RE-MASTERED SAFE AS MILK
6 tracks i may be hungry but i sure ain't weird
NEW WORK KORN RING FINGER
the new buddha
[edited] news from ICE Magazine March 1999:
BERTELSMANN GETS RELIGION BY RESURRECTING THE OLD BUDDAH RECORD LABEL
Reincarnated with a new mission, BMG-owned Buddha Records will debut in the spring with expanded, newly remastered reissues of such out-of-print works as Captain Beefheart and His Magic Band's Safe as Milk and Mirror Man [...]. All will be fleshed out with CD bonus tracks, some of them previously unreleased. Buddha - with a new spelling to boot - will have access to its parent company's vaults, but will focus on artists whose significance is measured by more than chart numbers.
On June 1st, Buddha plans to dig into the vaults for Beefheart's SAFE AS MILK and Mirror Man, the latter retitled The Mirror Man Sessions. Both albums are fleshed out with bonus tracks recorded during the same October-November 1967 sessions that resulted in Mirror Man, which was originally intended to be a two-LP set called It Comes to You in a Plain Brown Wrapper. The seven added tracks on Safe as Milk, which featured a 19-year-old guitarist named Ry Cooder, are Safe as Milk (take 5), On Tomorrow [instrumental], Big Black Baby Shoes, Flower Pot, Dirty Blue Gene [instrumental], Trust Us (take 9) and the newly discovered Korn Ring Finger.
the buddah which retired from business long ago seems to have spent all the hundreds of thousands of dollars it gained through the sales of the two beefheart albums it brought out. ánd the easy money that kept rolling in from the numerous licensed re-releases and combinations of (tracks from) those elpees [i'll save you the details about the six vinyl reissues, the four cassettes and the eleven ceedees pulled together from them, as well as the three plates that include tracks from the 'strictly personal' outtakes we know as 'the alternate beefheart - i may be hungry but i sure ain't weird'].
front of cardboard sleeve of promo
comment by teejo:
as could be expected from the music giant bertelsmann the above press announcement contains some lies in order to give the impression they bring us something completely needed. 'safe as milk', 'mirror man' and the source of all the bonus tracks minus one: 'i may be hungry but i sure ain't weird', are available in abundance! and 'korn ring finger' - which will be part of the 'grow fins' box set by the way - in fact just was left out from the quite old (1992) release 'i may be hungry but i sure ain't weird'.
so - except for KORN RING FINGER - these reissues don't contain any surprise, and i doubt if the re-mastering can convince me it's something else than another plain attempt to screw the completists among the collectors.... (i wonder why i still am one!)
[080399; thanks to uwe krüger for spotting the announcement]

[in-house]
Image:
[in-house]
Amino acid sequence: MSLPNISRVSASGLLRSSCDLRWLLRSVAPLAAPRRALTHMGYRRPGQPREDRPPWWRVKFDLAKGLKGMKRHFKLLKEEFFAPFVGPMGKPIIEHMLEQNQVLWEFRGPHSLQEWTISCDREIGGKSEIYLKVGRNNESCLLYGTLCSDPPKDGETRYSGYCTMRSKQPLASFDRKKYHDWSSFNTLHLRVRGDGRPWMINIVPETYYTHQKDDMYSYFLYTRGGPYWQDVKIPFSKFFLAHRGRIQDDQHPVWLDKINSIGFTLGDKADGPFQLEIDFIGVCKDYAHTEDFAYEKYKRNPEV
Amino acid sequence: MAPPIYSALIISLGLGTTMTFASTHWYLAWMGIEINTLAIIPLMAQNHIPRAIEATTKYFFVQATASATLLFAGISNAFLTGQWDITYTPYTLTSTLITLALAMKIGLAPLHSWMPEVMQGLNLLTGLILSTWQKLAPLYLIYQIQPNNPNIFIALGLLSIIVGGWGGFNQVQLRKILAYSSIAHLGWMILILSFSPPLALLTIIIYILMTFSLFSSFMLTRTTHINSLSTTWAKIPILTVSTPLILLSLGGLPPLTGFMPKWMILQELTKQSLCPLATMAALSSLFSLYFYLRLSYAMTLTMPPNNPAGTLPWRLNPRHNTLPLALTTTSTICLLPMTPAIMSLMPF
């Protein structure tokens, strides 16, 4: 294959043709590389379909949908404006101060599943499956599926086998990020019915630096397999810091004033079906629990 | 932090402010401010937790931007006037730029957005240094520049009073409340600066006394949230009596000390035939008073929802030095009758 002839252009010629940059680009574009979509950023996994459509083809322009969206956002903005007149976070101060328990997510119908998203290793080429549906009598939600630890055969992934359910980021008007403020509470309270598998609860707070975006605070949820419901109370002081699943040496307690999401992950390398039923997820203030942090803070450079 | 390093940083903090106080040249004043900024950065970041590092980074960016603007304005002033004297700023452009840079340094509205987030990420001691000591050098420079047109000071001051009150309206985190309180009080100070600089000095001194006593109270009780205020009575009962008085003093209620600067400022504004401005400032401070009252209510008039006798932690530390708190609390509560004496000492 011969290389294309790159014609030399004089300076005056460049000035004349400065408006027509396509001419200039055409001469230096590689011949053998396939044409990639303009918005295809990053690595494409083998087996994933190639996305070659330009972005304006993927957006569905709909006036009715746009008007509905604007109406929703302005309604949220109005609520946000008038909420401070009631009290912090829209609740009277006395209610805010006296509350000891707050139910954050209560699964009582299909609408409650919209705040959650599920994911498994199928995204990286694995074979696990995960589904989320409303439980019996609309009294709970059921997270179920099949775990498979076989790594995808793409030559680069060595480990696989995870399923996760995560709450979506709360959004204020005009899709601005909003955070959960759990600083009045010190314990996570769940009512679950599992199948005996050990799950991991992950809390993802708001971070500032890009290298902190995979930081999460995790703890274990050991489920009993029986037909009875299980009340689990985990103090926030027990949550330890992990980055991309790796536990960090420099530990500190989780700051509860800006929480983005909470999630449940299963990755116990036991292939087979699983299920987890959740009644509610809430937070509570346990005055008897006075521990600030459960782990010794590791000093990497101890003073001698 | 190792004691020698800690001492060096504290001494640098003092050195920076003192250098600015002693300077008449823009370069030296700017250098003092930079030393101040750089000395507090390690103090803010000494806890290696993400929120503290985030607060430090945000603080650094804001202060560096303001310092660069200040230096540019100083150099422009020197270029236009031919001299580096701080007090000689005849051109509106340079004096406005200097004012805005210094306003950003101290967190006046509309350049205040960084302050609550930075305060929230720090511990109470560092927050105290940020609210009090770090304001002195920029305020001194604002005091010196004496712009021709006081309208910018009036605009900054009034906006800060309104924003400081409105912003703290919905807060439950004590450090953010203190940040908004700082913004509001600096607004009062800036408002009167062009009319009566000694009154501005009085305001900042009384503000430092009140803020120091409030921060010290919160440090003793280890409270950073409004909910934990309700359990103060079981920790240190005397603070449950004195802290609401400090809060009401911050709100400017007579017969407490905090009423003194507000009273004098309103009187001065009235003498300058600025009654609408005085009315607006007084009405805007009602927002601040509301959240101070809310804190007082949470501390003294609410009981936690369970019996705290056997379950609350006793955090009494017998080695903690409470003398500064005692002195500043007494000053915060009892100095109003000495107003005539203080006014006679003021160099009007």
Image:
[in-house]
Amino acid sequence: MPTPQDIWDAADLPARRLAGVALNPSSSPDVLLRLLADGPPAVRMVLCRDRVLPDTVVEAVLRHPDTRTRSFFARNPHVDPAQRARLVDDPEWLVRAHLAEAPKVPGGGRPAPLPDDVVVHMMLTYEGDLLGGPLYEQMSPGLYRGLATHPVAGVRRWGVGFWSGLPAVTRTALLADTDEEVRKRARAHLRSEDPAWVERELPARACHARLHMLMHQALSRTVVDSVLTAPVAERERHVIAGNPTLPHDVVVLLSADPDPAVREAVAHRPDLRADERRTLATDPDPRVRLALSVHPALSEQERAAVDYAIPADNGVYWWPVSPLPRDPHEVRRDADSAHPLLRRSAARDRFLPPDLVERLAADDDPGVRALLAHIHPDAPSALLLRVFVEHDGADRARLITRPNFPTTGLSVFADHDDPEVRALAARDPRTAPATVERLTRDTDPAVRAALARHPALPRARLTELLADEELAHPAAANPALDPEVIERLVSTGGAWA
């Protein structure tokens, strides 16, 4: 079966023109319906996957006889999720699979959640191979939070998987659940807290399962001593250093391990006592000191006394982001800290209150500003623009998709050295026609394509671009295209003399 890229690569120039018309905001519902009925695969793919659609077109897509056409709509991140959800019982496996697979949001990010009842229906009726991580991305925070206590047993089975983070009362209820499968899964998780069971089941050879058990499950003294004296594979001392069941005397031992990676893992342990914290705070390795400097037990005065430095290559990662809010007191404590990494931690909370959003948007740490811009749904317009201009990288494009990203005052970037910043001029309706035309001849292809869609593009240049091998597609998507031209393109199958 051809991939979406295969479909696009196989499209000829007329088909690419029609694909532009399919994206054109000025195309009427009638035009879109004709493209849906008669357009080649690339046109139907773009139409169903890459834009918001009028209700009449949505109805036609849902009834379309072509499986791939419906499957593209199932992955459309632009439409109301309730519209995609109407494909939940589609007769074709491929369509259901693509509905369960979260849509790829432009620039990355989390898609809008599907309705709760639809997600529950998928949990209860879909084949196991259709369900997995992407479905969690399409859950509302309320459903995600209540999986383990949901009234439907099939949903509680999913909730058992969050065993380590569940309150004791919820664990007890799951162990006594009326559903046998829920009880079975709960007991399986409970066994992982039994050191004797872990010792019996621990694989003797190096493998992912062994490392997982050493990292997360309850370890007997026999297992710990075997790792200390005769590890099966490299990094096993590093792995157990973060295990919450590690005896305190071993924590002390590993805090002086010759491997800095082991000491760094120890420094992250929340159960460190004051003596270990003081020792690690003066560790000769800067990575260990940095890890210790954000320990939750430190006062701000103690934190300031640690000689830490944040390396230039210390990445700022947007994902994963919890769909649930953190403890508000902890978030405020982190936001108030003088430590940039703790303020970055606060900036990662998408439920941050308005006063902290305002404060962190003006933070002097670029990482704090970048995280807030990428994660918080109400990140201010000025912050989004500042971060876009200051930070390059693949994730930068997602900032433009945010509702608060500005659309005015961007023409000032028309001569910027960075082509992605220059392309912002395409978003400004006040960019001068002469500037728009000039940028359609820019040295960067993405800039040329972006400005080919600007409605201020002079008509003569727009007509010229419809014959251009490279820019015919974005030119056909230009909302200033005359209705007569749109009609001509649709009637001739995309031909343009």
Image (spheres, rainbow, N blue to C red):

by mark 'kynoceph'
[Well, to say the least, this is a good day. Buddha Records was kind enough to send me promo copies of their 'Safe As Milk' and 'Mirror Man Sessions' reissues, and I will blab freely about them.]
the back of the promo
Even if you have the original, you need this version of Safe as Milk. There are several reasons for this. For one thing, the volume difference between 'Abba Zaba' and the rest of the record has FINALLY been corrected. And even more interesting, the speed on 'Dropout Boogie' has been corrected. On my previous copy of Safe As Milk, which was the Canadian UniDisc / Kama Sutra release, 'Dropout Boogie' was inexplicably sped up and the overall volume of 'Abba Zaba' was lower than the rest of the CD. This has all been remedied.Another reason? Everything on this CD has been tightened up and made audible. The improvement over the LP and previous CD issue is astonishing. All kinds of sonic details pop out that weren't apparent before. 'Call On Me' was one of my least favorite pieces on SAM but now with the new restored version, I have come to like it for what it is - psychedelic white soul music. 'Abba Zaba' and 'Zig Zag Wanderer' reveal new sonic complexities that will make you sit up and realize that this first version of the Magic Band was pretty dexterous. In many ways this new version is like listening to the CD for the first time. Even if you've heard Safe As Milk a lot, this will definitely open your ears.
If you need more convincing, Buddha has added seven additional songs. Six of these seven were on 'I May Be Hungry But I Sure Ain't Weird', the wonderful but out-of-print CD on the British 'Sequel' label. They include 'Safe as Milk (Take 5)', 'On Tomorrow', 'Big Black Baby Shoes', 'Flower Pot', 'Dirty Blue Gene' (or an early version of 'Ice Rose' depending on who you're talking to), 'Trust Us (Take 9)', and the elusive 'Korn Ring Finger', which wasn't on 'I May Be...' and was kind of hard to get.
front of the european stock copy (to come)
I don't think the mixes on these additional tunes add anything to or take away from the ones on 'I May Be Hungry...' but since that CD is thoroughly out of print, this is the only way that most people will hear them. These tunes, mostly instrumental, reveal how tight the first Magic Band was, and of course the careful remixing adds to the pleasure. They also provide a nice insight into how the band was making the transition from the psychedelic soul-blues of 'Safe As Milk' to the groundbreaking 'Strictly Personal' era.
I am told that the CD booklet will feature lots of cool pictures and text, but of course the promos are only sent in a little cardboard sleeve. But even without photos or documentation, this new version of 'Safe As Milk' is essential for every Beefheart fan, and I would say essential for anybody's record collection.
[220599; thanks, mark]
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captain beefheart electricity
as felt by teejo